Atascadero officials have scrapped the creek setback plans they embraced in May, originally enacted out of flooding and water-quality concerns. The move ends what had become a contentious issue in the area and eliminates any need to put the matter before city voters.
The City Council, acting after hours of public comment, voted unanimously on July 24 to abandon changes to its general plan that barred construction within 35 feet of Atascadero, Boulder, and Graves creeks.
The vote which followed a voter-led initiative launched to repeal the May decision leaves a prior 20-foot setback in place.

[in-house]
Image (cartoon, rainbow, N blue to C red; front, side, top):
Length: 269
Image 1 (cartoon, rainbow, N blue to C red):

"What's great about this is it shows us that we can make a difference," said Jolene Horn, a real estate agent who was one of the primary organizers of the petition. "We don't have to just go along with whatever is dictated."
The bulk of speakers at the meeting were opposed to the newer setbacks, which some said they feared could open the door to the city taking control of private land for trails or other purposes.
Even some activists who had supported the original setbacks felt that the repeal was best, considering the contentiousness of the debate.
David Broadwater had pushed to have the council consider the issue in a town-hall-style meeting, but the council, at a prior meeting, opted against that idea.
"My feeling on it was that if the council did not feel it worth starting a public, open process, then maybe the creek setbacks as proposed aren't worth a damn anyway," Broadwater said.
He said he hopes the city eventually considers going back to larger setbacks, but under the vote, such a move can't happen until November 2008.